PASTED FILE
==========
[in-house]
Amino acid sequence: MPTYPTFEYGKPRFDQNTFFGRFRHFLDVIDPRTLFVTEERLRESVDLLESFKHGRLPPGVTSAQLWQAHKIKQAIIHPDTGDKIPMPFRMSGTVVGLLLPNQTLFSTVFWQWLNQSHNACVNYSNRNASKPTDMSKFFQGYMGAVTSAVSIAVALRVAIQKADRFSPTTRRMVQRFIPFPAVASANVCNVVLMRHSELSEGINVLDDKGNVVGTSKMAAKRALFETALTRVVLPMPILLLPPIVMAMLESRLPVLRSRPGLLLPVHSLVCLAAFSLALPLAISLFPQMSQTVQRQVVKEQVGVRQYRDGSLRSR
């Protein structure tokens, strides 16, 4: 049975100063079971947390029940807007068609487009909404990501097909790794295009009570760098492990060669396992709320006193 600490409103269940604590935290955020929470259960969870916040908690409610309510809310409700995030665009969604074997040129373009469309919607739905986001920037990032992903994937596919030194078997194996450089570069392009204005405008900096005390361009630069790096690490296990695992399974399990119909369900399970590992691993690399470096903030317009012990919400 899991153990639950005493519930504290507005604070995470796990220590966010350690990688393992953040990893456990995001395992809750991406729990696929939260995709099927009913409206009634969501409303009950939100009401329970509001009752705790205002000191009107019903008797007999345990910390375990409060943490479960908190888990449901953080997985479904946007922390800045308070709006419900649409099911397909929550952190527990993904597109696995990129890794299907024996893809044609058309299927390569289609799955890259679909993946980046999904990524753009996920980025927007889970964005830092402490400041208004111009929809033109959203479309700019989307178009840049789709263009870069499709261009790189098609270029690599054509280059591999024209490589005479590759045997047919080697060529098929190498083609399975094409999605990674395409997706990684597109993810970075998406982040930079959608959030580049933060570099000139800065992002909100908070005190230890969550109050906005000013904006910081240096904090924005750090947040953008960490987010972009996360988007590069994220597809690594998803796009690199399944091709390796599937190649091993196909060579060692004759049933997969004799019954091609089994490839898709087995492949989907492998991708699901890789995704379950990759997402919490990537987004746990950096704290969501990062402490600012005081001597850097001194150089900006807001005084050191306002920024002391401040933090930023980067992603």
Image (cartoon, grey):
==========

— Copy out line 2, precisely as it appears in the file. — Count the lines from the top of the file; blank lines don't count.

Amino acid sequence: MPTYPTFEYGKPRFDQNTFFGRFRHFLDVIDPRTLFVTEERLRESVDLLESFKHGRLPPGVTSAQLWQAHKIKQAIIHPDTGDKIPMPFRMSGTVVGLLLPNQTLFSTVFWQWLNQSHNACVNYSNRNASKPTDMSKFFQGYMGAVTSAVSIAVALRVAIQKADRFSPTTRRMVQRFIPFPAVASANVCNVVLMRHSELSEGINVLDDKGNVVGTSKMAAKRALFETALTRVVLPMPILLLPPIVMAMLESRLPVLRSRPGLLLPVHSLVCLAAFSLALPLAISLFPQMSQTVQRQVVKEQVGVRQYRDGSLRSR